JEFFERSON CITY, Mo. -- When House members vote this week on Gov. Matt Blunt's plan to take $350 million from the state's student loan authority, they will be deciding on more than just a college construction plan.
Some of the money could be spent to try to lure a Department of Homeland Security laboratory to research dangerous animal diseases. And some of it could help train future employees for a Missouri-based defense and space contractor.
Those are just two of the underpublicized projects that could be financed through $15 million of former student loan agency money that would be siphoned through the Missouri Technology Corp.
The general mystery surrounding those projects -- or misunderstanding, as project supporters might say -- could lead to an effort in the House to try to restrict or eliminate that money.
The not-for-profit Missouri Technology Corp. was created under a 1994 state law to foster teamwork between universities and businesses, particularly emphasizing research in the life sciences and other high-tech areas. One of its goals is to help channel research discoveries into commercial products.
Blunt's higher education initiative would require the student loan agency to pay $350 million to the state over six years. Lawmakers could spend the money only on college construction and the Missouri Technology Corp.
A separate budget bill lists 16 specific projects to be funded through the technology corporation.
For example, $3.3 million could be used as enticements to get the federal government to locate its Bioenergy Research Center in St. Louis or its National Bio- and Agro-Defense Facility in Columbia.
The University of Missouri announced a week ago that its Columbia site was one of 17 national finalists for the animal disease research center. Officials from the Department of Homeland Security plan to visit the site Thursday and Friday.
But Missouri officials fear the university's free land may not be rich enough to compete with some of the sweet deals offered by other states. Thus comes the attempt to tap into the money from the state's student loan authority.
"Other states have put together funding packages to help make their proposals more attractive. This is Missouri's effort to do the same. We're keeping up with the Joneses," said Rob Monsees, a former Blunt staff member who now is the executive director of the Missouri Technology Corp.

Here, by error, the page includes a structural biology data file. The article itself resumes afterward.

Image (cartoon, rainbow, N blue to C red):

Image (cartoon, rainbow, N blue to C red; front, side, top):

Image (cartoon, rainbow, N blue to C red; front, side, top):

The lab, which would replace an aging island facility off the coast of New York, is projected to cost $450 million to build, employ about 250 scientists and would potentially provide a boost to the University of Missouri's agricultural research efforts.
Other projects to be funded through Monsees' group are less concrete at this point.
For example, the legislation would direct $200,000 for a Missouri Power Resource Center in Joplin, a collaborative effort among several universities targeted to aid local companies such as EaglePicher Technologies LLC. The company makes batteries and power supplies for missiles, satellite systems and other Defense Department and space industry contractors.
The sponsor of Blunt's legislation, Sen. Gary Nodler, R-Joplin, says his hometown project "represents a very important potential for the state of Missouri."
EaglePicher's vice president for human resources, Creed Jones, said the company could supply some of its doctoral degree scientists as instructors for university students or could help steer a curriculum tailored toward the types of job skills it seeks in employees.
But exactly what the project would entail is unclear. The $200,000 would be for planning and development.
"It's still in such an early formation stage it's just kind of been a concept thrown out there," Jones said, "and there haven't been many meetings on it yet."
If some of the Missouri Technology Corp. projects don't pan out, they may not ever be funded. That's because the budget bill includes language stating that "100 percent (spending) flexibility is allowed between each project."
The squishiness of the appropriation is part of what's troubling to opponents of embryonic stem-cell research, who fear the Missouri Technology Corp. could end up doing whatever it wants with the money.
The Missouri Catholic Conference doesn't want any money going to the technology corporation -- even if there's nothing specifically earmarked for human embryonic research. The Catholic Conference notes that the chairman of the Missouri Technology Corp. board is Donn Rubin, who also was chairman of the Missouri Coalition of Lifesaving Cures, which led last year's successful ballot initiative to engrave the right to conduct stem cell research into the state constitution.
"We're going to oppose them getting $15 million, no matter what," said Larry Weber, executive director of the Missouri Catholic Conference. He promises that some of his legislative supporters will be ready with amendments this week.
Monsees insists there is no possibility of that money aiding embryonic stem cell research.
"I think there's a misunderstanding about what the purpose is for the Missouri Technology Corporation," Monsees said.